Tuesday, 1 February 2011
I'm sorry, I haven't a clue
Sinn Féin are going to miss Arthur Morgan. He was on RTÉ’s ‘The Frontline’ last night and he showed why, with the exception of Pearse Doherty, he’s the most effective Sinn Féin TD in the Dail. He’s lively, unafraid and above all, he talks about the economy in human terms. While the other politicians on the show spoke of jobs stimulus and going forward and interest rate renegotiation, Morgan spoke of local people setting up businesses, people getting a job, people paying tax into the exchequer as their business – a shop, a garage, a bakery – grew. Real stuff that listeners could picture and almost smell.
I know we’re all supposed to be well-versed in the economic system by now so we shouldn’t have to need people like Morgan presenting it to us in human terms, but that’s a myth – the well-versed thing. Most of us want to see and hear politicians who say things that relate to our lives. People like Harold Wilson, with his talk of the pound in your pocket, knew that. Richard Bruton, who’s often accepted as some kind of economic Svengali, is incapable of doing it. Arthur Morgan, maybe because he’s part of a family business, can and does.
Probably the most-admired economic commentator in Ireland is David McWilliams. He’s been hailed because when everyone – politicians, journalists, heads of banks – was saying that the boom was getting boomer, McWilliams warned the state was heading for disaster. And so it proved. So what’s he saying now?
‘Make no mistake about it, this 'bailout' will sink Ireland. We are witnessing a monumental struggle between the innocent average Irish person and the guilty creditors of the bust Irish banks’.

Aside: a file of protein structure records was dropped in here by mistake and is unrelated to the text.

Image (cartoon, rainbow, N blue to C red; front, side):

First, notice the way he writes – down-to-earth presentation of what’s involved in the IMF/EU bail-out . In fact, he says, we should stop calling it a bail-out –it’s the EU giving us enough rope with which to hang ourselves.
Second, note what he’s saying: the supposed bail-out is a disaster. The Irish people are assuming bank debt as their own, and in the process laying a spine-cracking burden on themselves, their children and probably their grandchildren. Our only hope is to toss aside that burden, and the only way that can be done is by sluicing out the Dail and removing those who support this disastrous bail-out/neck-noose.
There aren’t many people speaking as clearly as McWilliams or Morgan, although Morgan will be gone as from today, as soon as the Dail dissolves. When he warned of the coming crash, McWilliams was a near-lone voice. Now he’s warning of the death-sentence offered by the EU bail-out, he’s still alone.
Or nearly so. What he’s proposing sounds like a good match with Sinn Féin policy: don’t tinker with the EU/IMF loan deal, reject it. When Eoin O Broin articulated his party’s policy on TV3’s ‘Tonight with Vincent Browne’ last night, Browne told him he obviously hadn’t an economic clue.
Which must mean McWilliams hasn’t a clue either. So remind me: what did they say a couple of years back, when McWilliams warned of the oncoming train-wreck? Ah yes. McWilliams, you haven’t a clue.